Arctic National Wildlife Refuge Plan ‘Pushes the Envelope Far Beyond the Last Frontier of Reason’
WASHINGTON, D.C. — Newly unveiled plans for the Arctic National Wildlife Refuge underscore the Trump Administration’s reckless and persistent pursuit of energy development at the expense of our wildlife, public lands and natural resources. The National Wildlife Federation urged the Trump Administration to heed the calls of the Native American tribes, sportsmen and women, and Alaskans to reverse course before part of the Arctic National Wildlife Refuge is spoiled forever by well pads and pipelines.
“Alaska’s unparalleled Arctic National Wildlife Refuge provides pristine habitat for iconic caribou, polar bear, wolves, musk ox, and waterfowl,” said Collin O’Mara, president and CEO of the National Wildlife Federation. “Unfortunately, this sham environmental impact statement ignores the overwhelming scientific evidence that demonstrates the unprecedented risks to wildlife that would result from drilling in the Coastal Plain. Alaskans, tribes and conservationists all agree that this is the wrong approach in the wrong place and pushes the envelope far beyond the Last Frontier of reason.”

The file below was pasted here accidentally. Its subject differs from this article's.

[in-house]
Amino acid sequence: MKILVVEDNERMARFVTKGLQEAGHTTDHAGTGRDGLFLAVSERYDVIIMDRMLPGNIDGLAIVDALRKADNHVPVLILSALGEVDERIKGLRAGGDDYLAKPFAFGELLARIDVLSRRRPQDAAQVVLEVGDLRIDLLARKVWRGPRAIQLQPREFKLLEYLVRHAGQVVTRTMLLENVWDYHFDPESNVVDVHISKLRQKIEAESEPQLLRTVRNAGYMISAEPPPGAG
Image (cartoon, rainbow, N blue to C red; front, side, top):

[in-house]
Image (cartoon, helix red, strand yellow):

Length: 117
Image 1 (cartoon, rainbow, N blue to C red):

Located in the northeast corner of Alaska, the 19.6-million-acre Arctic National Wildlife Refuge is home to more than 200 bird species, which migrate to the refuge to breed in the summer. As many as 300,000 snow geese visit the coastal plain each fall to feed on the tundra. Other wildlife travelers on the Arctic Refuge include the 130,000-member porcupine caribou herd. Each spring, the herd migrates more than 1,400 miles across Canada and Alaska to calve in the refuge's coastal plain. The Gwich’in people call the area home and have lived for 20,000 years among the Caribou.
Congress revoked the more than three-decade-old prohibition on oil and gas drilling in the 2017 tax bill but required a full environmental review be conducted before the Department of Interior proceed with allowing any extractive activities.
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